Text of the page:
On Our Shelves Now
Also published as The Beautiful Widow, Mary Shelley's penultimate novel explores the web of relationships between three women, bound together by the exacting Lord Lodore: his estranged wife Cornelia, a woman ruled by her mother and the norms of aristocratic society; his daughter Ethel, raised in the wilderness of Illinois and utterly dependent on her father; and finally, the independent and highly educated Fanny Derham, the daughter of Lodore's childhood friend. At first glance, Lodore appears to be a "silver fork" novel--a popular romance genre from the Regency era about life in fashionable society--yet Shelley's take imbues the story with subversive critiques of domesticity and masculinity. Long considered the most Jane Austen-like of Mary Shelley's novels, Lodore is an essential read for anyone seeking to understand this brilliant feminist writer.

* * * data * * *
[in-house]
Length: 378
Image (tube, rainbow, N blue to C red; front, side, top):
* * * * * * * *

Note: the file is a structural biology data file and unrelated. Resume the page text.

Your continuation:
About the Author
Mary Shelley (1797-1851) was the author of five novels and numerous works of short fiction, though she is best known for Frankenstein. The daughter of feminist Mary Wollstonecraft, Shelley was steeped in the progressive ideas of the early 19th century British Romantic era.